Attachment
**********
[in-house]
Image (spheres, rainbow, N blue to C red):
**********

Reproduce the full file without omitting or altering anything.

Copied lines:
[in-house]
Image (spheres, rainbow, N blue to C red):